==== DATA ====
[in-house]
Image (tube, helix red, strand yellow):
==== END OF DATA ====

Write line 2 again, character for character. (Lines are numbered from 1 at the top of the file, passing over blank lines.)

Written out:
Image (tube, helix red, strand yellow):